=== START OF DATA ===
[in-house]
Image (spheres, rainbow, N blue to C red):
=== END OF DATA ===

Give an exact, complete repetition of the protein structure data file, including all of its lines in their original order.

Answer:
[in-house]
Image (spheres, rainbow, N blue to C red):